CABI

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Centre for Advanced Biomedical Imaging

The Life Scientific: on BBC Radio 4 with Jim Al-Khalili

03 September 2013

Professor Mark Lythgoe talks about the frontier research at his centre and the thrill he gets from it. As well as a scientist, he is also an intrepid mountain climber and believes there are parallels between the experiences of a mountaineer and those of an inventor of new views of the human brain and body. Professor Lythgoe talks candidly about his unconventional journey and struggle to make a successful career in science which took him through making plastic pipes in a factory, training Israeli attack dogs and working with Australian Aboriginal people. He describes the deep sense of failure which powered with his progress once he had a foot in the laboratory door. Mark also discusses his collaborations with artists on sci-art projects. He says one film project about a young girl with a severe brain condition helped to make him the scientist he is today.

More radio and television appearances of members of CABI

The Centre for Advanced Biomedical Imaging is a new multidisciplinary research centre for experimental imaging. The Centre is built around a number of groups at UCL and brings together in vivo imaging technologies across UCL with specific applications in the biomedical sciences.

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Our aims are to establish an integrated strategy for the development and application of novel in vivo imaging technologies to further understand the mechanisms of disease and develop therapeutic strategies. Furthermore we aim to deliver a multimodal imaging programme to investigate the molecular, functional and structural consequences of the disease process on a range of different scales.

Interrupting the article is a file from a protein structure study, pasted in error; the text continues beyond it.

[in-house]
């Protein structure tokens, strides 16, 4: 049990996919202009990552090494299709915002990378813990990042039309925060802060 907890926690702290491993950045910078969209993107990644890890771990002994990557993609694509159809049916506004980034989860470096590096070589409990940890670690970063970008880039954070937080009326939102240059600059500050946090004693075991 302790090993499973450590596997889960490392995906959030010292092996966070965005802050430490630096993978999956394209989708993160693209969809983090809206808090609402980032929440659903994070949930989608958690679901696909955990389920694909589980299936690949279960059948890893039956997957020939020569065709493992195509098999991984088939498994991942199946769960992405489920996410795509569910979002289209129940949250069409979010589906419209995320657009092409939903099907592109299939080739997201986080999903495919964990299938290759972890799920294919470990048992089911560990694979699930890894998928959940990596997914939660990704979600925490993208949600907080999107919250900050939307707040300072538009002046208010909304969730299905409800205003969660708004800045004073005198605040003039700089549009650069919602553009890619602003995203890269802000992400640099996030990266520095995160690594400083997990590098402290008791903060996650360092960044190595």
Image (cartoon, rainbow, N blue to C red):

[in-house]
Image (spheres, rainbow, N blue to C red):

The Centre provides state-of-the-art high-field magnetic resonance imaging (MRI), a new photoacoustic imaging facility, in vivo 2-photon laser-scanning microscopy, ultrasound, bioluminescence and fluorescence imaging, as well as SPECT/CT and PET/CT. The Centre is located in the heart of the UCL campus and is ideally suited for cross-disciplinary work in neuroscience, cardiovascular biology and oncology.

The development of imaging technology is an essential part of the translational pipeline for drug development and personalised medicine, and is important to research in the pharmaceutical industry. These experimental imaging strategies will help to remove major “bottlenecks” in the translation of new discoveries to the clinic and generate the knowledge and understanding to transform human health and well-being.

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